Charting New Paths: Iraq and Iran’s Railway Link Project
In a significant development on the geopolitical front, Iraq has initiated plans to build its first railway link with Iran. The project, expected to be completed within the next 18 months, is primarily aimed at easing the transportation challenges faced by millions of pilgrims who visit the Shi’ite Muslim shrines in Iraq annually. The proposed railway link is set to cover a distance of approximately 30 kilometers between the southern Iraqi city of Basra and the Iranian border-town of Shalamja. The rail project symbolizes the growing ties between the two nations since the 2003 U.S. invasion of Iraq, which led to an increase in the influence of pro-Tehran Shi’ite Muslim parties in Baghdad.
Timelines and Expectations
According to Nasser Al-Asadi, the transport advisor to the Iraqi prime minister, the project’s completion is expected within the proposed timeline due to the short distance it covers. In addition to the cross-border railway, the government also plans a metro link between Karbala and Najaf, the seat of the Iraqi Shi’ite clergy.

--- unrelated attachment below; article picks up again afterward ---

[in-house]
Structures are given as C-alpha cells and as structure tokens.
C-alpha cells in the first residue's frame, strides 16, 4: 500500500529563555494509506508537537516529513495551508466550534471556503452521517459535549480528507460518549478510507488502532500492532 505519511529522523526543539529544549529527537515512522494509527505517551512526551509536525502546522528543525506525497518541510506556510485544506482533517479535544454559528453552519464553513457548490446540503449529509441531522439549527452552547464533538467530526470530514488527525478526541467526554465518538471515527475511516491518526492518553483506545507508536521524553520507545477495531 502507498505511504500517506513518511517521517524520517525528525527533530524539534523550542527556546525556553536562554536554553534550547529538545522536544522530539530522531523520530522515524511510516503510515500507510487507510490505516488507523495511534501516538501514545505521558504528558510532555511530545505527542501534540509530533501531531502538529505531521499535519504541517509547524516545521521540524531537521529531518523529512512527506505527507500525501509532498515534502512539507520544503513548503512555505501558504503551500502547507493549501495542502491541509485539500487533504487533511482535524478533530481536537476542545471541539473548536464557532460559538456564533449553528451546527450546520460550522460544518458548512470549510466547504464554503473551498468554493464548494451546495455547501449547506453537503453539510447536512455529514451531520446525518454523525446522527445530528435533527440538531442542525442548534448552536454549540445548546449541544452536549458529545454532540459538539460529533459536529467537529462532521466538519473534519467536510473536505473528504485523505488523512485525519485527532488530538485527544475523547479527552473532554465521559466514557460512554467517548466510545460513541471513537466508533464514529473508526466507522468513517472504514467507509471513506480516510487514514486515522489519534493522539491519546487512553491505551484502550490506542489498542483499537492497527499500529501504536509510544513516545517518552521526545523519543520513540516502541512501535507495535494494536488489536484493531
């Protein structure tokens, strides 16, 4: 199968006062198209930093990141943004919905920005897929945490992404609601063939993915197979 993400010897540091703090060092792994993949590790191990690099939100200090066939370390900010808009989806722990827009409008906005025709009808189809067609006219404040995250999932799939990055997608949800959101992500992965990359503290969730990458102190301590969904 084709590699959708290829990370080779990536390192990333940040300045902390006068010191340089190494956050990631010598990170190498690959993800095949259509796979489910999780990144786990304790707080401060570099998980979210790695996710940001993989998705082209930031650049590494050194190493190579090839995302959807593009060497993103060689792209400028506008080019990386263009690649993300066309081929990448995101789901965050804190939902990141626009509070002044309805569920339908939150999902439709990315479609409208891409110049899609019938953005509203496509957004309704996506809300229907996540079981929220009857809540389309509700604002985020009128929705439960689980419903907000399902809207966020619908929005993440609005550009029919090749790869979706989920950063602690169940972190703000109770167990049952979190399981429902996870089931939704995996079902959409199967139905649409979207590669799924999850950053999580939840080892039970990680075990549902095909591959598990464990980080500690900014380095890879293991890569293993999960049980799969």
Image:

The relationship between Iraq and Iran has come a long way since the devastating eight-year war in the 1980s, during which the border area was heavily mined. Post the U.S. invasion in 2003, which led to the overthrow of former leader Saddam Hussein, Shi’ite Muslim parties with close connections to Tehran have become key political players in Baghdad. This has further led to an increase in economic and religious ties between the two nations.
The Arbaeen pilgrimage in Iraq’s holy city of Karbala, the world’s largest annual religious gathering, sees up to 20 million mostly Shi’ite Muslims participate. Many pilgrims undertake a journey of hundreds of kilometers from the Iran-Iraq border to Karbala. The proposed rail link will not only reduce the risk of accidents during the pilgrimage but also provide a new source of revenue for Iraq through ticket sales.
A Broad Vision for Infrastructure Development
The railway project is merely one component of a broader transport sector development plan by the Iraqi government. Included in these plans are the revamp of Baghdad’s international airport and a 1,200-kilometer rail, road, and services project from a major commodities port in the south to its border with Turkey. These initiatives reflect Iraq’s commitment to strengthening its infrastructure and boosting economic development.
The Iraq-Iran railway link project stands as a testament to the strengthening ties between two nations that have a history marred by conflict. It is a step towards not just facilitating religious tourism but also enhancing economic cooperation. The project’s successful completion will indeed mark a significant milestone in the history of Iraq-Iran relations.
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